When antique collector Sara Rivers Cofield made a unique discovery in one of her purchases, she didn’t know it would lead to an almost decade-long mystery.
Rivers Cofield, who lives in Chesapeake Beach, Md., purchased an antique bustle dress from an antique store in Searsport, Maine, about 10 years ago.
When she brought it home from the store, Rivers Cofield, who works as an archaeological curator, found a hidden pocket on the dress with something inside.
“I could feel that there was a clump in the pocket so I finally figured out how to access the pocket, and it turned out whatever was balled up in there was paper,” River Cofield told Global News.
“I started to try and un-ball it, I realize as I’m going that there’s actually two sheets. My mom, who was with me, we were doing this together, and we were like, ‘Oh man, it’s like secret writing from the 19th century!’”
Rivers Cofield says she and her mother were puzzled by what they found on the paper.
“We finally get them all unfolded and realized it just didn’t make any sense. You could kind of tell we were in this race, or ‘Who’s going to read it first and get to the secret message?’” she said.
“And mine was, the first one was like, ‘Bismarck omit buck bank’…. It made no sense whatsoever. There were actual words; you could read it, it just didn’t mean anything. We were just looking at each other like, ‘What is this? I have no idea.’”
Stumped by the writing on the paper, Rivers Cofield posted about it on her blog to see if anyone could potentially crack the code.
“It’s got this pocket that’s so hard to access, it’s almost like it was a secret, for, like, storing your secret code, which I normally wouldn’t mention, except there was a secret code in the pocket!” she said.
She said some people in the coding community reached out to her, believing it was an old telegraph code.
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That’s when Wayne Chan, a research computer analyst at the University of Manitoba, comes into the picture. Chan came across the post about the unknown code in the dress in 2018.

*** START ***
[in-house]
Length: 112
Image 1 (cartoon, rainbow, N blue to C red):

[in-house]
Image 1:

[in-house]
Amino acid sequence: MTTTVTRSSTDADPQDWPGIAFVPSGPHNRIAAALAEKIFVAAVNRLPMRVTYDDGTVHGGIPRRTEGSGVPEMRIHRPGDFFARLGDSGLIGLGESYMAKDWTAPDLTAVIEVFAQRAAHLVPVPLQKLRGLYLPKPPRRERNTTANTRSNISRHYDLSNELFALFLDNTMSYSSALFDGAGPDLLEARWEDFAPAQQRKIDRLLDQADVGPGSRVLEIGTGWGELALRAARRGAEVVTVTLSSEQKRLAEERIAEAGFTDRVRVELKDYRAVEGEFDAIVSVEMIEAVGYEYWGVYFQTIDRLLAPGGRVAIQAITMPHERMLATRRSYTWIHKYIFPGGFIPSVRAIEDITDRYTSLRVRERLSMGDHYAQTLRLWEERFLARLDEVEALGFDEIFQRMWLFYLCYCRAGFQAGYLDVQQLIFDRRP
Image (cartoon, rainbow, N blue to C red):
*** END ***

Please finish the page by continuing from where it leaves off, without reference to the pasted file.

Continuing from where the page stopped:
“I was just looking at a cryptography website, and this (was) one of the codes they were discussing at the time.”
He said he was drawn to the unusualness of the scenario, having never seen a code found in a Victorian-era dress, and four years had passed with no solution.
When Chan first saw it, he got to work using Slater’s Telegraphic Code, “but basically, I got nowhere, and I gave up after a few months of working on it.”
But it continued to call his name, and four years later he found himself a little bored with some extra time off work.
“First I checked to see if anybody had cracked it, and in the past four years, it looked like it hadn’t been,” he said.
Chan said he felt like giving up again after going through 170 telegraphic code books trying to find a matching sequence.
He didn’t, though, and instead “decided to take a step back and kind of take a different tact looking at it.”
“I decided to immerse myself in the telegraphic era by reading more literature about the telegraph in general.”
A string of literature later, there it was: a book from 1880 talking about different uses for the telegraph, with a chapter on weather codes that looked similar to Rivers Cofield’s.
Chain said it was early January this year when he had his aha moment and felt he’d cracked it.
“The code turned out to be the weather code used by the U.S. Signal Corps, back when it was called the Signal Service.”
He added that it was the official signal service for the United States for about 20 years in the late 1800s.
He said one of the sheets found in the dress was actually from Winnipeg, from St. John’s College, which was a surprise.
“I was amazed because the address was found in Maine by a woman from Maryland. I didn’t expect to see any Canadian relationship.”
Rivers Cofield said she was delighted to see a message from Chan saying he had cracked the code, and even though it was a simple weather code, she saw the finding as revolutionary.
“People didn’t know what the weather was going to be until the telegraph was invented. For some reason, I just never really thought about that,” she said.
“I think the sort of revelations about daily life, and how revolutionary that was for daily life, was really meaningful to me. Way more meaningful than the idea that it was some secret spy code.”
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